Scott Tibbs

Thoughts on the 2020 election

By Scott Tibbs, December 4, 2020

I have been putting this off until more votes were counted, but here are my thoughts on the 2020 election here in Indiana, in Monroe County and for President.

In Indiana, a lot of people were expecting a different result in the governor's race. Despite the fact that a lot of conservatives were unhappy with Eric Holcomb's policies surrounding the COVID-19 pandemic and there were longtime Republicans (including Republican elected officials) supporting Libertarian candidate Donald Rainwater, Holcomb ran about even with the other two Republicans running statewide, Todd Rokita and Donald Trump. Rainwater did take votes, but not from Holcomb. He took votes from the Democratic candidate, Woody Myers. That even appeared to be the case in Monroe County, which is heavily Democratic. Here are the numbers for those races, statewide and locally:

President - Joe Biden (D) Governor - Woody Myers (D) Attorney General - Jonathan Weinzapfel (D) President - Donald Trump (R) Governor - Eric Holcomb (R) Attorney General - Todd Rokita (R) Governor - Donald Rainwater (L) Back in 2016, local Republicans ran significantly ahead of statewide Republican candidates. That was not nearly as pronounced this year. Judith Benckart was the highest Republican vote-getter in Monroe County, and Carl Lamb got about the same number of votes as the other Republicans on the ballot.

One race of interest was Congress. Andy Ruff, despite being from Bloomington and serving on the Bloomington City Council for 20 years, actually ran behind Biden and Weinzapfel in Monroe County while getting crushed across the rest of the Ninth District. Because of the demographics of southern Indiana, it is highly unlikely that any Democrat will win the Ninth District. They could shrink the gap if they stopped nominating people from Bloomington, which is a huge hurdle across the rest of the district.

Now on to the big one. There is no reason Donald Trump should have lost this election. Trump got over 10 million more votes than he did in 2016, while Barack Obama got fewer votes in 2012 than he did in 2008. But as I pointed out on Twitter, the big number is that 56% of people said they were better off today than they were four years ago. When Ronald Reagan asked if people were better off, he won a 49 state landslide. That was never going to happen with the nation much more polarized, but Trump should have won.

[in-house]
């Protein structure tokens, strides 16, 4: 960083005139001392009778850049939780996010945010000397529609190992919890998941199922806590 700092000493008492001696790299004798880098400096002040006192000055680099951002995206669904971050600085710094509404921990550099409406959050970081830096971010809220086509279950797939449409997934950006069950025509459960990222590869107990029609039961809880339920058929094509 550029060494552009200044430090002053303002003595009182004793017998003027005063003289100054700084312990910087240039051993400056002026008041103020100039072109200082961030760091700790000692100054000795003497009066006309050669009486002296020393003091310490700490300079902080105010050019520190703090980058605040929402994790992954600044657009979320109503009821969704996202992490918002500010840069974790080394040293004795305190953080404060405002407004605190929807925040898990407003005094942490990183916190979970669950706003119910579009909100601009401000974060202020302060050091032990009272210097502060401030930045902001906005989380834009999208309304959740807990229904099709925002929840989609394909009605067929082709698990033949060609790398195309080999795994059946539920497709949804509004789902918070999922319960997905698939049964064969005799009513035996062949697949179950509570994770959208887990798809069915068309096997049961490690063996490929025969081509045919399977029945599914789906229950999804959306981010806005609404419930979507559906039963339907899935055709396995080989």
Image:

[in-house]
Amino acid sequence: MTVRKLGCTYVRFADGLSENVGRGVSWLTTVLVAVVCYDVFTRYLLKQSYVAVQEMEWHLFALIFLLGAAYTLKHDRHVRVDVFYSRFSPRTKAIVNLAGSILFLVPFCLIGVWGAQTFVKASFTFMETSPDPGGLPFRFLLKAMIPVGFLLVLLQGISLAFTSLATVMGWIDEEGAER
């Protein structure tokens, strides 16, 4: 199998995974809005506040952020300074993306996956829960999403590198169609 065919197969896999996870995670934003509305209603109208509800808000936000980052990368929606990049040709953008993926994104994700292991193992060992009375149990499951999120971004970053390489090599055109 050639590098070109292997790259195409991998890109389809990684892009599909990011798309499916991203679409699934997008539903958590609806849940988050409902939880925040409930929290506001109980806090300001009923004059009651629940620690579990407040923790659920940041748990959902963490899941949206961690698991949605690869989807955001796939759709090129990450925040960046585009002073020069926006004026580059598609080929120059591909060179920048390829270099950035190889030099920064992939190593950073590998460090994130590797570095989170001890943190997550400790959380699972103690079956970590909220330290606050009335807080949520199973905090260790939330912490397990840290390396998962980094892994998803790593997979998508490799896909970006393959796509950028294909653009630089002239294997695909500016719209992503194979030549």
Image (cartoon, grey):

So what happened? Trump was personally toxic. He won despite his toxic personality and trolling on Twitter in 2016, not because of it. Trump's needless trolling and personal vindictiveness energized and motivated the Democratic base. Joe Biden did not win the election as much as Donald Trump lost it - a reverse of the 2016 election. I kept hearing people claim they "like" Trump's childish trolling on Twitter. Well, you must like Joe Biden as President too, because that is one reason he won.

One particularly stinging loss is Arizona, where the family of John McCain endorsed Biden. Had Trump not been so personally vindictive toward McCain even after the senator's death, perhaps he would have won a state that was critical to his re-election hopes. Trump also needlessly alienated Jeff Flake, who voted with him the vast majority of the time. Flake also endorsed and campaigned for Biden.

There is only one person to blame for Donald Trump losing this election, and that is Donald Trump himself. He refused to be presidential or even professional. He constantly motivated Democrats to work against him with his childish desire to "own the libs." We had an economic boom that was slowed only by an unprecedented global pandemic and dramatic peace deals in the Middle East. Many voters were worried by the more radical elements of the Democratic Party.

But Trump simply would not restrain his mouth. Had he been more disciplined and focused on policy instead of childish personality conflicts, Trump would have won this election. Instead, Trump could not get out of his own way and handed a perfectly winnable election to a terrible, uninspiring candidate.

Trump defeated Trump.

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